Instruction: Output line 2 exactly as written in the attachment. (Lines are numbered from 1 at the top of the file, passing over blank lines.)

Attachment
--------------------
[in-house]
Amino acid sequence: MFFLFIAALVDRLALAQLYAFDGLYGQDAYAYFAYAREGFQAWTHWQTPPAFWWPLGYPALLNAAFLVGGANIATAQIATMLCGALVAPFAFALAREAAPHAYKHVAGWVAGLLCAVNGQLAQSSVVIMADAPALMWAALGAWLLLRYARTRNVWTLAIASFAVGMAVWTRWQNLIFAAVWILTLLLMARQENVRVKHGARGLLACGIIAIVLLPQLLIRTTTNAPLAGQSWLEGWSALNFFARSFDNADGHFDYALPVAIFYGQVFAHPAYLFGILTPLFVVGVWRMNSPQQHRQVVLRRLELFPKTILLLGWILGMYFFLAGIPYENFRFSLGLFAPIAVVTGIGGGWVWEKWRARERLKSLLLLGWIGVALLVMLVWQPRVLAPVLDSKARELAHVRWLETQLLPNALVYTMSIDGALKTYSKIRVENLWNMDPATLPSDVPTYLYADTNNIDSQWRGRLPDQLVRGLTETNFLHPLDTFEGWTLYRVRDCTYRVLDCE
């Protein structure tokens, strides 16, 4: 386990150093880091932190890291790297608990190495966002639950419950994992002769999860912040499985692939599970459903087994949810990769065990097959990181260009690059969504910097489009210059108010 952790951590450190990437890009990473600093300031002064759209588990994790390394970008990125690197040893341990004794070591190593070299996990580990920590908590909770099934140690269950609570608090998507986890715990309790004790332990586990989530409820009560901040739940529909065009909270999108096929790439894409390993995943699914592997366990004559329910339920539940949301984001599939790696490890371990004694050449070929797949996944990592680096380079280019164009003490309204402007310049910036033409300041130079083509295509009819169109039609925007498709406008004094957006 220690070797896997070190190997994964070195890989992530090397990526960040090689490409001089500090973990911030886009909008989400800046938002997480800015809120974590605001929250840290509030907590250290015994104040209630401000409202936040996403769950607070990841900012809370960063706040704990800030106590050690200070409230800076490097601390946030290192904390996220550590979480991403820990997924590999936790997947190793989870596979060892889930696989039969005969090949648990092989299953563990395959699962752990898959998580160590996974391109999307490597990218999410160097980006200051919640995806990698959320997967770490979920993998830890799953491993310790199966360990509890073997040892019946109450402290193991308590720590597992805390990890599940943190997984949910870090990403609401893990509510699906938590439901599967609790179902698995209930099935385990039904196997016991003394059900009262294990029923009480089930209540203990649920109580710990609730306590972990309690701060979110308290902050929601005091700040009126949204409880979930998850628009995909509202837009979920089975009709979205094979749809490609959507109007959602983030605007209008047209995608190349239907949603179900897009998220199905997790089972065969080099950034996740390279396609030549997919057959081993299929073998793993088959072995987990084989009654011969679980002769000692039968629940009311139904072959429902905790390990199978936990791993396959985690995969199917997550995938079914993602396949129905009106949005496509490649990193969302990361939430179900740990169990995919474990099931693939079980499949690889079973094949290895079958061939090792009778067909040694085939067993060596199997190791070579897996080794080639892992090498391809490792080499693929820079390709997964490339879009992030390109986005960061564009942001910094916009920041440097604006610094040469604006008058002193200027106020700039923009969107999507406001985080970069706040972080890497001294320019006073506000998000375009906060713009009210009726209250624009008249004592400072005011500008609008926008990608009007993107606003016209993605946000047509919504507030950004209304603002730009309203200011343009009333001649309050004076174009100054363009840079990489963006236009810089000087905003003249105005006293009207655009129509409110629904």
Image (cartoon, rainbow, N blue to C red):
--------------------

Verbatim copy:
Amino acid sequence: MFFLFIAALVDRLALAQLYAFDGLYGQDAYAYFAYAREGFQAWTHWQTPPAFWWPLGYPALLNAAFLVGGANIATAQIATMLCGALVAPFAFALAREAAPHAYKHVAGWVAGLLCAVNGQLAQSSVVIMADAPALMWAALGAWLLLRYARTRNVWTLAIASFAVGMAVWTRWQNLIFAAVWILTLLLMARQENVRVKHGARGLLACGIIAIVLLPQLLIRTTTNAPLAGQSWLEGWSALNFFARSFDNADGHFDYALPVAIFYGQVFAHPAYLFGILTPLFVVGVWRMNSPQQHRQVVLRRLELFPKTILLLGWILGMYFFLAGIPYENFRFSLGLFAPIAVVTGIGGGWVWEKWRARERLKSLLLLGWIGVALLVMLVWQPRVLAPVLDSKARELAHVRWLETQLLPNALVYTMSIDGALKTYSKIRVENLWNMDPATLPSDVPTYLYADTNNIDSQWRGRLPDQLVRGLTETNFLHPLDTFEGWTLYRVRDCTYRVLDCE